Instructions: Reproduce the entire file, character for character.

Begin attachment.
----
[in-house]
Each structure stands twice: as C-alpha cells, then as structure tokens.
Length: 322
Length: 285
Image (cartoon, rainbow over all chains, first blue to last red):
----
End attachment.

[in-house]
Each structure stands twice: as C-alpha cells, then as structure tokens.
Length: 322
Length: 285
Image (cartoon, rainbow over all chains, first blue to last red):